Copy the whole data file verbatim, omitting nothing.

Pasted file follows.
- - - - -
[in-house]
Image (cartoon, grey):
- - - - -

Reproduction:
[in-house]
Image (cartoon, grey):